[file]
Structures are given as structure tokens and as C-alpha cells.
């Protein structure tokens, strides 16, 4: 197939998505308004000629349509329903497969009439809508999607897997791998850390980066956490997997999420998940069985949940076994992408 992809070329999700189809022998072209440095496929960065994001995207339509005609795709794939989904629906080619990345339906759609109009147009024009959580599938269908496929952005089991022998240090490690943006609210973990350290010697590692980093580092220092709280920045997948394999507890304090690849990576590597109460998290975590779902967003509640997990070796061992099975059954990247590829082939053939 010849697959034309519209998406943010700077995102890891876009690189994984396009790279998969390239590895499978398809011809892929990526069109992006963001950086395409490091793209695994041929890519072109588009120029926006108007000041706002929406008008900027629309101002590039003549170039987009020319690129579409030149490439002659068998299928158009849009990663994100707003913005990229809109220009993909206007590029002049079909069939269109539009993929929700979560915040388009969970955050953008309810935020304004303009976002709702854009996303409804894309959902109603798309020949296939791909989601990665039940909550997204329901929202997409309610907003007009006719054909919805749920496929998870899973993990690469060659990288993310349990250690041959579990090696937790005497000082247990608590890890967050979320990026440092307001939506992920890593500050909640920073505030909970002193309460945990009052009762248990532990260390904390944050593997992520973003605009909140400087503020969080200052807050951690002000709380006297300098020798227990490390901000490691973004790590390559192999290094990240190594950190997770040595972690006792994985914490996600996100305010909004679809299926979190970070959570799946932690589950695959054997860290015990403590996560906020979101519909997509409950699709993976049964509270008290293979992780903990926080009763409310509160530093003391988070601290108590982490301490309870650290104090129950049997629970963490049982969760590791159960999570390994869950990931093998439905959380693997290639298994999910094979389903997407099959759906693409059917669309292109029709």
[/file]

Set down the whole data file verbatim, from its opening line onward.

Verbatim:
Structures are given as structure tokens and as C-alpha cells.
């Protein structure tokens, strides 16, 4: 197939998505308004000629349509329903497969009439809508999607897997791998850390980066956490997997999420998940069985949940076994992408 992809070329999700189809022998072209440095496929960065994001995207339509005609795709794939989904629906080619990345339906759609109009147009024009959580599938269908496929952005089991022998240090490690943006609210973990350290010697590692980093580092220092709280920045997948394999507890304090690849990576590597109460998290975590779902967003509640997990070796061992099975059954990247590829082939053939 010849697959034309519209998406943010700077995102890891876009690189994984396009790279998969390239590895499978398809011809892929990526069109992006963001950086395409490091793209695994041929890519072109588009120029926006108007000041706002929406008008900027629309101002590039003549170039987009020319690129579409030149490439002659068998299928158009849009990663994100707003913005990229809109220009993909206007590029002049079909069939269109539009993929929700979560915040388009969970955050953008309810935020304004303009976002709702854009996303409804894309959902109603798309020949296939791909989601990665039940909550997204329901929202997409309610907003007009006719054909919805749920496929998870899973993990690469060659990288993310349990250690041959579990090696937790005497000082247990608590890890967050979320990026440092307001939506992920890593500050909640920073505030909970002193309460945990009052009762248990532990260390904390944050593997992520973003605009909140400087503020969080200052807050951690002000709380006297300098020798227990490390901000490691973004790590390559192999290094990240190594950190997770040595972690006792994985914490996600996100305010909004679809299926979190970070959570799946932690589950695959054997860290015990403590996560906020979101519909997509409950699709993976049964509270008290293979992780903990926080009763409310509160530093003391988070601290108590982490301490309870650290104090129950049997629970963490049982969760590791159960999570390994869950990931093998439905959380693997290639298994999910094979389903997407099959759906693409059917669309292109029709």